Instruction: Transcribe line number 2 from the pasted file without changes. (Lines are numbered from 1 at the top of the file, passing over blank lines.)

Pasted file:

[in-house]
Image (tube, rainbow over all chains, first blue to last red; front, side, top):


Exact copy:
Image (tube, rainbow over all chains, first blue to last red; front, side, top):